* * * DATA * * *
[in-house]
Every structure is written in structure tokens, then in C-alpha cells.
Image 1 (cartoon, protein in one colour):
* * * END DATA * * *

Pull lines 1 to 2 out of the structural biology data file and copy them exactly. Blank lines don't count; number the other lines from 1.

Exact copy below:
[in-house]
Every structure is written in structure tokens, then in C-alpha cells.